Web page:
High Voltage Elementary: Family Mechanics

Lesson 1: Family Feud

Every family has struggles. There are days when we get along wonderfully with our brothers, sisters, cousins, etc. There are other days when everything they do gets on our nerves and all we do is fuss and fight. It’s not a surprise when members of the same family fight or argue. That’s to be expected. What we can’t let happen is for those short fights and arguments to turn into “family feuds.” If we don’t try to reconcile quickly, there may be permanent damage done to the family. In this lesson, the children will learn how to put an end to the fights and arguments that creep up in the life of an ordinary family.


Classroom Instructions

Drama Team
  • Character: Silly Willy (a hyperactive puppet that thrives on “scaring” the leader; feel free to use any puppet character that your kids are familiar with from your services)

    Silly Willy: (make some noise over by the puppet stage; when the leader comes to check it out, Silly Willy pops up and scares the leader and starts laughing hysterically)

    Leader: Silly Willy! You shouldn’t scare people like that! It’s not funny!

    Silly Willy: Well, I think it’s hilarious, don’t you kids? (kids respond)

    Leader: Well, I’m getting too old for that.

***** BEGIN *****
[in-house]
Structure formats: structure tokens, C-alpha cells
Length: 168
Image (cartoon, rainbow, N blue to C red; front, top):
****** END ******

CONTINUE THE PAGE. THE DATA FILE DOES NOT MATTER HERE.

Silly Willy: Yeah, I noticed. You’re so old, your first pet was a dinosaur.

    Leader: Silly Willy!

    Silly Willy: You’re so old, you have Adam and Eve’s autograph!

    Leader: OK, enough about my age, Silly Willy. We have a lot to learn today about how to end a “Family Feud.”

    Silly Willy: What’s a family feud?

    Leader: Well, it’s when we get mad at someone in our family or they get mad at us.

    Silly Willy: You mean, like my do-do bird sister!

    Leader: Silly Willy! First of all, I don’t think you should call your sister those kinds of names.

    Silly Willy: Why not? She calls me names! She calls me things that really hurt my feelings. Like the other day she told me I was so ugly, I could go trick or treating dressed as myself.

    Leader: Well, that’s not a very nice thing to say is it?

    Silly Willy: Nope, that’s why I told her something back. I said, “Oh yeah, well you’re so dumb that your dog teaches YOU tricks!”

    Leader: Silly Willy! That’s not the way you are supposed to respond. You shouldn’t say things like that to your sister.

    Silly Willy: It doesn’t matter anymore. We’re not talking to each other ever again.

    Leader: Silly Willy! That’s not the way families are supposed to be. We are learning in our lesson today that God wants families to love each other and get along. Even when we do get in fights and arguments, we have to do our part to make peace with the other person.